52-year-old Jung Ki-joon led the regulatory effort to implement tighter controls on cryptocurrency trading. According to a S. Korean government spokesperson cited in The Wall Street Magazine, he was found dead at home on Sunday.
Ki-joon, who was the head of economic policy for the Office for Government Policy Coordination, had taken a main role in coordinating cryptocurrency legislation as of year-end 2017. According to colleagues cited in local report, the focus of the effort was on combatting speculation and illegal activity in cryptocurrency trading, the major attention of which was taking a notable toll on him.
At this early phase, there appear to be conflicting reports on the cause of death. Local authorities have launched an investigation into his death, though news agencies there are reporting that Jung Ki-joon probably had a heart attack. In the meantime, the spokesperson is cited as saying:
“He died from some unknown cause. He passed away while he was sleeping and [his] heart [had] already stopped beating when he was found dead.”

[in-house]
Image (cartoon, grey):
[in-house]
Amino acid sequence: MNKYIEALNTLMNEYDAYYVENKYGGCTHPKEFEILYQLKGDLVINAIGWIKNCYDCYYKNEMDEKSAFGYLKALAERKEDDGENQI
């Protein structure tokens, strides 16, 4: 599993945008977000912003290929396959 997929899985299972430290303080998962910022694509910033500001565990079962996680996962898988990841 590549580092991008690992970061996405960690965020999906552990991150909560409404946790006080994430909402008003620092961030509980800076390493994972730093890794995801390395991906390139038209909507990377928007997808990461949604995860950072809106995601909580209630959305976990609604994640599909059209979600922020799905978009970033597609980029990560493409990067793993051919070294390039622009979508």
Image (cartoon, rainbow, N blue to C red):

Last month, Jung Ki-joon said during a briefing that bitcoin and other cryptocurrencies weren’t deemed legal currency, promising that the government would “strongly respond to excessive cryptocurrency speculation and illegal activity.”
Government officials around the world have been under increased pressure to craft a framework for the loosely regulated cryptocurrency market amid growing incidents of money laundering and theft.
Key Crypto Market
South Korea, a key market for cryptocurrency trading where as much as 1/5 of trading occurs, has in many ways been at the forefront of the regulatory charge. The government has reacted to the fact that the South Korean won is one of the leading physical currencies for bitcoin trading, lagging only the dollar, yen and euro.
Falls in the bitcoin price last month coincided with remarks out of South Korean officials that they were tightening their grasp on cryptocurrency trading. When officials in last few days purified that they wouldn’t integrate a trading prohibition, the markets breathed a sigh of facilitation.
Actually, S. Korea was counted among the catalysts for the bull run in the BTC price in 2017, which had the country’s Prime Minister Lee Nak-yeon concerned, as evidenced by his warning that the demand for cryptos may “lead to some serious distorted or pathological phenomenon, if left unaddressed,” pointing to turning children into offenders.
In the meantime, though speculation recently swirled that the government would close cryptocurrency exchanges, the South Korean financial regulator the Financial Supervisory Service just showed it would support cryptocurrency trading with a major attention on know-your-customer (KYC) transparency.